Pregnancy Associated Breast Cancer
Clare O’Neill, CoppaFeel! Healthcare Engagement Coordinator
21st January 2020
We were recently contacted by a 29-year-old woman who was diagnosed with breast cancer during pregnancy. This is what she told us:
All women should feel empowered to take control of their breast health, and not ignore concerning symptoms during pregnancy. CoppaFeel! support healthcare professionals to educate and encourage women, so that when PABC sadly occurs, we see the signs earlier.
At CoppaFeel! we know that knowing your boobs can save your life. Younger women are not routinely screened for breast cancer, so we encourage them to get to know their boobs and educate them on the signs and symptoms of breast cancer. However, we also know that recognising those signs and symptoms can be more difficult for women who are pregnant and/or breastfeeding. Boobs change during pregnancy, but regular boob-checking can prevent late diagnosis, so our breast awareness message remains the same for women before, during and after pregnancy.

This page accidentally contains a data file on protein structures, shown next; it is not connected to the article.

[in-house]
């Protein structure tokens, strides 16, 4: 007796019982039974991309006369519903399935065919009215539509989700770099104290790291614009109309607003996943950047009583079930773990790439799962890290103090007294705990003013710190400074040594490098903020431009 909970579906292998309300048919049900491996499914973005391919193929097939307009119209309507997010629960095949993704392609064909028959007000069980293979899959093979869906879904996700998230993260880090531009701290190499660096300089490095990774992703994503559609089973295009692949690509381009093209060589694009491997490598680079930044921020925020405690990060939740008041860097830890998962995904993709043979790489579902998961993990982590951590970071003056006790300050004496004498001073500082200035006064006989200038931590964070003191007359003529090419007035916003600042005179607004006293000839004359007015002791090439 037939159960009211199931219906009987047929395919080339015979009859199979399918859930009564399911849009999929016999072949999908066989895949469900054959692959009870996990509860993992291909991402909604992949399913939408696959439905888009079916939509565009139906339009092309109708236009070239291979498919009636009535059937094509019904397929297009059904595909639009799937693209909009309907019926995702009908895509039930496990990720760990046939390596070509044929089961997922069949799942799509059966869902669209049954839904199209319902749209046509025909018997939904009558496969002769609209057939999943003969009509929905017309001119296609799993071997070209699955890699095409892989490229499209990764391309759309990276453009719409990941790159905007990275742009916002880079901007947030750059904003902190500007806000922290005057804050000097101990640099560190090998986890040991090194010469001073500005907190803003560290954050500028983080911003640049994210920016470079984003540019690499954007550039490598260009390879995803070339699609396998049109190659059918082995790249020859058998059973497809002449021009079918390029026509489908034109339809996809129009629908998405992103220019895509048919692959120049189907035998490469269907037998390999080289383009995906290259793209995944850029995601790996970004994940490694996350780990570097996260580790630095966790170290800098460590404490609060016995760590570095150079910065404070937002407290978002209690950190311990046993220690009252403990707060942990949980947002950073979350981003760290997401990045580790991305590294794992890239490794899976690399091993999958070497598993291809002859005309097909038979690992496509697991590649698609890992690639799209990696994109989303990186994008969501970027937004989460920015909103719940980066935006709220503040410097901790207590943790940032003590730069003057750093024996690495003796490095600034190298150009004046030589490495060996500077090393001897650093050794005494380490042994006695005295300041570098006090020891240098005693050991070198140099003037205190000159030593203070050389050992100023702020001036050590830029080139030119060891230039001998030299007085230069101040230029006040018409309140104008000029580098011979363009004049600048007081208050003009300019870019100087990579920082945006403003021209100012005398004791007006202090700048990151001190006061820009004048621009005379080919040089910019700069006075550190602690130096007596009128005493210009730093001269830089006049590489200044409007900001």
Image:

Here’s why: Pregnancy-Associated Breast Cancer (PABC) – breast cancer that is diagnosed during pregnancy or up to a year post-partum – is on the increase. Whilst still rare, 1 in 3,000 pregnant women will be diagnosed with breast cancer every year. That means roughly 200 women a year in the UK are diagnosed with breast cancer whilst pregnant. Pregnant women diagnosed with breast cancer are also more likely to be diagnosed at a late stage than women who are diagnosed in the general population. Studies have shown that pregnant women with breast cancer presented with more advanced disease, this was attributed to difficulties diagnosing PABC.
So, how can we see the signs of PABC when they are so similar to normal breast changes in pregnancy? Our first aim is to empower women to get to know their boobs in pregnancy, that means getting to know their ‘new normal’. Regardless of pregnancy, breasts often change due to normal hormonal fluctuations, but we want women to keep checking, get informed and feel confident to see their GP with any new unexplained symptoms. 90% of patients who attend the breast clinic are not given a breast cancer diagnosis, so we encourage GPs to refer women to the breast clinic when in any doubt. The most common diagnostic tool for young breast tissue is ultrasound, so a referral to the breast clinic is perfectly safe for pregnant women, and it’s better to be safe than sorry.
Cancer Research UK & Public Health England National Cancer Registration and Analysis Service, 2018.
Keyser EA, Staat BC, Fausett MB, Shields AD. Pregnancy-associated breast cancer. Rev Obstet Gynecol. 2012;5(2):94-9.